• FMECHANICAL ENGINEERING; LIGHTING; HEATING; WEAPONS; BLASTING
    • F04POSITIVE DISPLACEMENT MACHINES FOR LIQUIDS; PUMPS FOR LIQUIDS OR ELASTIC FLUIDS
    • F04CROTARY-PISTON, OR OSCILLATING-PISTON, POSITIVE-DISPLACEMENT MACHINES FOR LIQUIDS; ROTARY-PISTON, OR OSCILLATING-PISTON, POSITIVE-DISPLACEMENT PUMPS
    • F04C2270/00Control; Monitoring or safety arrangements
    • F04C2270/04Force
    • F04C2270/042Force radial
    • F04C2270/0421Controlled or regulated

Abstract

A surgical instrument includes a first drive assembly, a second drive assembly, and a deployment mechanism. The first drive assembly is coupled to a first component and is configured to translate a first longitudinal distance X1 to deploy the first component. The second drive assembly is coupled to a second component and is configured to translate a second longitudinal distance X2 to deploy the second component. The deployment mechanism is operably coupled to both the first and second drive assemblies and is configured to move from a first position to a second position to translate the first and second drive assemblies the respective first and second longitudinal distances X1 and X2 to deploy the first and second components.

Description

CROSS REFERENCE TO RELATED APPLICATION

The present application claims the benefit of and priority to U.S. Provisional Application Ser. No. 61/726,988, filed on Nov. 15, 2012, the entire contents of which are incorporated herein by reference.

BACKGROUND

1. Technical Field

The present disclosure relates to surgical instruments and, more particularly, to deployment mechanisms for deploying, e.g., actuating, multiple components of a surgical instrument.

2. Background of Related Art

Many surgical instruments include one or more movable handles, levers, actuators, triggers, etc. for actuating and/or manipulating one or more functional components of the surgical instrument. For example, a surgical forceps may include a movable handle that is selectively compressible relative to a stationary handle for moving first and second jaw members of the forceps between spaced-apart and approximated positions for grasping tissue therebetween. Such a forceps may further include a trigger for selectively deploying a knife between the jaw members to cut tissue grasped therebetween.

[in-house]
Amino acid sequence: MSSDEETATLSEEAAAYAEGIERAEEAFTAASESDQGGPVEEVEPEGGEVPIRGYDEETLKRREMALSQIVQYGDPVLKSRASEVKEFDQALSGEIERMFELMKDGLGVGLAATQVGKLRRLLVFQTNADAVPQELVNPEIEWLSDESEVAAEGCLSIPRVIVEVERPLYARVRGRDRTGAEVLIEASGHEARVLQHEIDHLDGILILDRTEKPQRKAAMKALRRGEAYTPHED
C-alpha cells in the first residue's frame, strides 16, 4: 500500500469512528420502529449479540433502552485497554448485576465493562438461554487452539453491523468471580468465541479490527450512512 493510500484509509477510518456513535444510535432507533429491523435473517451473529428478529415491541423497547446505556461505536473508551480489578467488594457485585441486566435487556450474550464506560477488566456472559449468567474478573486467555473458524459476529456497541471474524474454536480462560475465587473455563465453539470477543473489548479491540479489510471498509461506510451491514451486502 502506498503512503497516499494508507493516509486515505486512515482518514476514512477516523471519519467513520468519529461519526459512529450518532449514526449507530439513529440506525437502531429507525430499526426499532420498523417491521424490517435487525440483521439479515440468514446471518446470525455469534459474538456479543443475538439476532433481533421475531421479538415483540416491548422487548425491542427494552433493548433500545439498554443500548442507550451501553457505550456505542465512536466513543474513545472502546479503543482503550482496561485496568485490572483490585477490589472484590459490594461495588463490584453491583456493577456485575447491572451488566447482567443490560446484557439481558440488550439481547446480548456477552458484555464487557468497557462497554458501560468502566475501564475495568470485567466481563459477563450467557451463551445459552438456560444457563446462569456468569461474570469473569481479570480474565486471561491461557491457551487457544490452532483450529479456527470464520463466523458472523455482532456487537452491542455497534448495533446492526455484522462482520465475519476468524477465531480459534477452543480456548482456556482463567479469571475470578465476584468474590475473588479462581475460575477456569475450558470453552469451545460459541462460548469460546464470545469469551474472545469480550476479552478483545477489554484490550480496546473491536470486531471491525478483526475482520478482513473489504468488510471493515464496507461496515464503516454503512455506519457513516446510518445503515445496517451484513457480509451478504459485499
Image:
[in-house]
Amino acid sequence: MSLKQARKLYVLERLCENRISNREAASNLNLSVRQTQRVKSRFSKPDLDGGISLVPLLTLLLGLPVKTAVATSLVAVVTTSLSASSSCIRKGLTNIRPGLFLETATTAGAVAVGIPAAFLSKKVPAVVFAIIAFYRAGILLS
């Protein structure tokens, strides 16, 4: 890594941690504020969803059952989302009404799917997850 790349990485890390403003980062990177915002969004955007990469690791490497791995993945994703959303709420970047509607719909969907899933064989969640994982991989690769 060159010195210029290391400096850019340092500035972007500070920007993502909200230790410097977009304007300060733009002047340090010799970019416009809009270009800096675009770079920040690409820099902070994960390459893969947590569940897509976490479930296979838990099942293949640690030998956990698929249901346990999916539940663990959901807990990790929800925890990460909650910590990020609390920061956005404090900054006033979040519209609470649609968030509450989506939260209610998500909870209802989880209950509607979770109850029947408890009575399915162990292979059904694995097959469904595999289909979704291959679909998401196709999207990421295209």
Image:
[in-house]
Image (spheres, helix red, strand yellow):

In general, each functional component provided with a surgical instrument requires a corresponding deployment structure for actuating that particular component, e.g., a movable handle for moving the jaw members or a trigger for deploying the knife. As additional functional components are added to the surgical instrument, either additional deployment structures or a deployment structure capable of actuating more than one component is required.

SUMMARY

As used herein, the term “distal” refers to the portion that is being described that is further from a user, while the term “proximal” refers to the portion that is being described that is closer to a user. Further, to the extent consistent, any of the aspects described herein may be used in conjunction with any of the other aspects described herein.

In accordance with aspects of the present disclosure, a surgical instrument is provided that generally includes a first drive assembly, a second drive assembly, and a deployment mechanism. The first drive assembly is coupled to a first component and is configured to translate a first longitudinal distance X1 to deploy the first component. The second drive assembly is coupled to a second component and is configured to translate a second longitudinal distance X2 to deploy the second component. The first longitudinal distance X1 is greater than the second longitudinal distance X2, although this configuration may be reversed. The deployment mechanism is operably coupled to both the first and second drive assemblies and is configured to move from a first position to a second position to translate the first and second drive assemblies the respective first and second longitudinal distances X1 and X2 to deploy the first and second components.

In one aspect, the deployment mechanism is pivotable about a pivot from the first position to the second position.

In another aspect, the first drive assembly is coupled to the deployment mechanism at a first radial distance D1 from the pivot, and the second drive assembly is coupled to the deployment mechanism at a second radial distance D2 from the pivot. The first radial distance D1 is greater than the second radial distance D2, although this configuration may be reversed.

In yet another aspect, each of the first and second drive assemblies is coupled to the deployment mechanism via a pin and slot engagement.

In still another aspect, an actuator is provided. The actuator is coupled to the deployment mechanism and is selectively actuatable to move the deployment mechanism from the first position to the second position to deploy the first and second components.